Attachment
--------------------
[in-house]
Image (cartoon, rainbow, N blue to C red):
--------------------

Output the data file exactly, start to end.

[in-house]
Image (cartoon, rainbow, N blue to C red):